How to cite: Barba, J., Poyatos, R., Capooci, M., and Vargas, R.: Methane emissions and origin in tree stems in an upland forest, EGU General Assembly 2020, Online, 4–8 May 2020, EGU2020-275, https://doi.org/10.5194/egusphere-egu2020-275, 2019

D424 |
EGU2020-19009
Sílvia Poblador, Elisabet Martínez-Sancho, Mateu Menéndez-Serra, Emilio O. Casamayor, Marc Estiarte, Anna Lupon, Eugènia Martí, Josep Peñuelas, Santiago Sabaté, and Francesc Sabater

The increase of greenhouse gas (GHG) emissions into the atmosphere is promoting and accelerating climate warming. Among GHG sources, soils are an important natural source of GHG to the atmosphere through aerobic soil respiration that release carbon dioxide (CO2). However, in riparian areas, soils can also release relevant amounts of methane (CH4) and nitrous oxide (N2O) through anaerobic processes promoted by high groundwater levels or flooded conditions. Recent studies have highlighted the role of trees in CH4 emissions, but little is still known about the origin of these emissions, the processes involved, and their contribution to the global carbon and nitrogen cycles. To shed light on this issue, we measured GHG emissions (i.e. CO2, CH4, and N2O) from the stems of two riparian tree species (Fraxinus agustifolia and Quercus robur) located along a gradient of soil moisture conditions (i.e. from wet to completely flooded soils) in a Mediterranean floodplain forest. Moreover, we also analyzed the isotopic carbon signature of the GHG emitted and the microbial communities inhabiting within tree stems by 16S rRNA gene analysis. Our results showed that CH4 emitted by riparian tree stems was 100-fold higher at the flooded than at wet soil locations, while CO2 and N2O emissions did not vary across moisture conditions. When considering together emissions form soil surface and tree stems under flooded conditions, riparian trees contributed up to 20%, 40% and 60% of the total CH4, CO2, and N2O emissions, respectively. Keeling plots suggested that CO2 emitted through tree stems was produced within the soil compartment and thus transported to the atmosphere through the tree stems, whereas CH4 emissions may have a different origin. However, methanogens were almost absent on the wood microbiome. The substantially higher presence of methanotrophs on the wood than on the soil compartment suggested that, despite CH4 emitted by stems could come from soil microbial activity, the microbial consumption of that CH4 within the tree stem could have changed its isotopic signature. Overall, our findings suggest that the riparian trees growing in this Mediterranean floodplain forest may mainly act as passive transporters of GHG produced in soils instead of being active GHG producers.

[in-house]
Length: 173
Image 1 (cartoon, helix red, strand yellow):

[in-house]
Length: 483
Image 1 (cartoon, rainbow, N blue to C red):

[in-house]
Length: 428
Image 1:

How to cite: Poblador, S., Martínez-Sancho, E., Menéndez-Serra, M., Casamayor, E. O., Estiarte, M., Lupon, A., Martí, E., Peñuelas, J., Sabaté, S., and Sabater, F.: Greenhouse gas emissions from a Mediterranean floodplain forest: the role of tree emissions under a changing flooding regime., EGU General Assembly 2020, Online, 4–8 May 2020, EGU2020-19009, https://doi.org/10.5194/egusphere-egu2020-19009, 2020

D425 |
EGU2020-21139
Jaan Pärn, Kaido Soosaar, Thomas Schindler, Kateřina Macháčová, Waldemar Alegría Muñoz, Lizardo Manuel Fachín Malaverri, José Luis Jibaja Aspajo, Robinson Negron-Juarez, Jhon Ever Rengifo Marin, Rodil Tello Espinoza, Segundo Cordova Horna, Tedi Pacheco Gómez, Jose David Urquiza Muñoz, and Ülo Mander

Peatlands are an enormous sink of carbon and nitrogen. Natural and human disturbances may release them as greenhouse gases (GHGs) or water pollutants. Tropical peatlands have especially intensive matter cycling. Amazonia holds almost a half of tropical peatlands. Most of it is inaccessible to current forestry and drainage machinery and thus untouched by man. Tropical rainforest has been labelled ’lungs of the Earth’. While photosynthesis in mature forests does sequester carbon in biomass, they respire an equal amount of carbon dioxide (CO2). Only swamp forests may sequester carbon in wet anoxic peat for centuries. However, anoxic decomposition of peat yields methane (CH4) and suboxic processes release nitrous oxide (N2O). Both have high global warming potential. In undisturbed peatlands, carbon sequestration outweighs GHG emissions. GHG budgets are more complicated in disturbed peatlands.